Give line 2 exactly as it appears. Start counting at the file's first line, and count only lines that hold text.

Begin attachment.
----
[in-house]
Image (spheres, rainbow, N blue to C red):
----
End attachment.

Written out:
Image (spheres, rainbow, N blue to C red):